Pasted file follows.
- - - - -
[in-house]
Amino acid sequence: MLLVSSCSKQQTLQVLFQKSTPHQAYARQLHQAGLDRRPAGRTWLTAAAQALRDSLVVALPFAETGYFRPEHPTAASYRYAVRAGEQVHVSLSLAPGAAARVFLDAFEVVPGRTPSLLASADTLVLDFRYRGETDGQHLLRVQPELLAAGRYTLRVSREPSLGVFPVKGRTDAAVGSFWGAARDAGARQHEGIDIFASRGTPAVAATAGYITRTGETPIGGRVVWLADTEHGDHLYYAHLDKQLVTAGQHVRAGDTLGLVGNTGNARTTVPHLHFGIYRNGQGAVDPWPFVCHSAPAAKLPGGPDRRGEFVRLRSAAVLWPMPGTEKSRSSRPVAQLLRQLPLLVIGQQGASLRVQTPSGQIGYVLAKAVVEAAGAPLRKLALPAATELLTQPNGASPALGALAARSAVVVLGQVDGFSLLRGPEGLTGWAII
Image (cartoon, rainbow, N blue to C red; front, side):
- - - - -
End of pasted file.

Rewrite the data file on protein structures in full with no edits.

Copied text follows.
[in-house]
Amino acid sequence: MLLVSSCSKQQTLQVLFQKSTPHQAYARQLHQAGLDRRPAGRTWLTAAAQALRDSLVVALPFAETGYFRPEHPTAASYRYAVRAGEQVHVSLSLAPGAAARVFLDAFEVVPGRTPSLLASADTLVLDFRYRGETDGQHLLRVQPELLAAGRYTLRVSREPSLGVFPVKGRTDAAVGSFWGAARDAGARQHEGIDIFASRGTPAVAATAGYITRTGETPIGGRVVWLADTEHGDHLYYAHLDKQLVTAGQHVRAGDTLGLVGNTGNARTTVPHLHFGIYRNGQGAVDPWPFVCHSAPAAKLPGGPDRRGEFVRLRSAAVLWPMPGTEKSRSSRPVAQLLRQLPLLVIGQQGASLRVQTPSGQIGYVLAKAVVEAAGAPLRKLALPAATELLTQPNGASPALGALAARSAVVVLGQVDGFSLLRGPEGLTGWAII
Image (cartoon, rainbow, N blue to C red; front, side):